Yorkshire Post’s Business Editor Visits Magtec

By Beth Machin

October 17, 2022

Inside the Yorkshire company powering the nation’s electric vehicle revolution

Linen trucks for the Welsh NHS, open-top buses for Oxford tourists and bin lorries serving York are all on display at the South Yorkshire factory of Magtec – a company profiting from rocketing commercial interest in converting fleets to electric vehicles – By Chris Burn

While much of the focus on the shift from diesel and petrol vehicles to their electric counterparts has understandably been on the consumer car market, similar moves are gathering pace among both private sector companies and public sector organisations who are increasingly keen to turn their net zero promises from words into action. That trend has been very positive news for Magtec, which was founded back in 1992 by the far-sighted Sheffield University lecturer Marcus Jenkins, who managing director Andrew Gilligan describes as “an innovator and an inventor”. The company – which designs, manufactures and supplies electric vehicle drive systems and complete EVs greater than seven tonnes for the commercial vehicle, rail, defence and logistics industries – has benefited from being well ahead of the curve as available technology, changing consumer preferences and climate change concerns means demand for their products has never been greater.

Since 2019 when the company had 50 workers, the firm has seen its product sales revenue double year-on-year and last year it moved from its two bases in Sheffield and Rotherham to an expanded facility in the latter town. It now employs

more than 160 people with a further 14 vacancies, has forecast revenues of £22m and an order book of £30m. Gilligan, who himself joined Magtec in 2019 after previous roles at Rolls-Royce Aerospace and David Brown Gear Systems, explains: “We started 30 years ago as a small operation really focused on engineering and R&D activity, developing traction motors and magnetic equipment.”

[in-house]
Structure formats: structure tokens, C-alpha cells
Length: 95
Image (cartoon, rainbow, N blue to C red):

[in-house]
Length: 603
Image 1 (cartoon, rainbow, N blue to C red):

“Over time Marcus has developed technology that has been used in demonstration vehicles, such as buses and military applications. Probably over the past five to seven years the technology is at a point now where it is probably equal to, if not better than, diesel and petrol technology. So the rate of growth of Magtec has been quite significant and that is why I joined the business three-and-a-half years ago.” Gilligan says the firm’s growth could be even bigger with some adjustments to current market conditions. I guess the throttle is really around the ability of the global supply chain to furnish the EV market in the UK. So a lot of the components we buy in come from Asia. We need to be developing that capability back in the UK because the restrictions on supply have been so significant in the past two years.”

Despite its needs for overseas imports, around 45 per cent of Magtec’s supply chain is based within one hour of Rotherham, with one-quarter of it being within the South Yorkshire region. It also provides highly-skilled jobs – with 60 engineers in the team, many who have PhDs. Gilligan says that companies and councils are increasingly catching up with consumer demand for electric vehicles.